The Jakarta Post
In the spirit of Indonesia’s 73rd Independence Day, the locals of Probolinggo in East Java erected up to 2,018 of red-and-white national flags at the sandy base of Mount Bromo on Tuesday.
The flags will remain fluttering for four days as a form of Tenggerese people expressing their gratitude for independence from occupation.
The 56-year-old head of Tengger indigenous tribe, Supoyo, said the activity was an initiative by the association of Tengger tribe traditional leaders, which was proposed to the local administration. As a result of the independent hard work and effort of Tenggerese tribes in the 12 villages of the Sukapura district, thousands of flags were hoisted and the event was declared as one of the events of the district’s 57th Scout Commemoration Day.
To attract the attention of a bigger crowd, a flag ceremony was held before raising the flag. It included a ride with the horses, a Glipang Probolinggo dance performance, followed by the presentation of a giant 10-by-25 meter Indonesian flag.
“There was a total of 500 participants comprising the tribe’s representatives, the [Indonesian Military] TNI and [the National Police] Polri, as well as elementary to junior high school students wearing traditional clothing,” Supoyo said.
For the Tenggerese tribe, Supoyo stated that the colors red and white symbolize their traditions and culture. Oftentimes, the colors are also associated with their traditional cuisine. For instance, the color white represents sanctity, peacefulness and harmony. Therefore, food that is inherently white (e.g. coconut milk, apem cake, cassava and bikang crackers) are usually served as ceremonial food or as a complementary ingredient. Red, on the other hand, symbolizes courage, hard work and diligence. The color is typically symbolized by the coconut sugar, a topping that is often present in traditional cake dishes.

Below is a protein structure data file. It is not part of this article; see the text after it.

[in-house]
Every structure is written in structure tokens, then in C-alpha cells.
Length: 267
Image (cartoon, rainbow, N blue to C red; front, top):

Such symbolism is why we find the colors red and white on our plates. They are there when we have a traditional ceremony or a cultural family event. Supoyo went so far to remark that these colors have been in our ancestors' blood even before this country was born.
“This event was made to invite the Tenggerese community, especially the ones from younger generations, to learn the meaning our red-and-white flag has toward our culture and duty for our nation,” he urged.
Sandi, a fifth grader in elementary school, was delighted to have been there. “I was happy and proud to be given the opportunity of raising the red-and-white flag in a different place, like the sandy base of Mount Bromo or at the holy grounds. It was different than the usual, which would be in the schoolyard,” he said.
He appreciates being guided in his journey to reflect on the true meaning of the red-and-white flag. It helps that he could look at it through the lens of his Tenggerese beliefs. (saz/kes)